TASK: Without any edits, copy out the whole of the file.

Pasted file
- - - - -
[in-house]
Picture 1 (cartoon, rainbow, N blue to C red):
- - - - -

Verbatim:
[in-house]
Picture 1 (cartoon, rainbow, N blue to C red):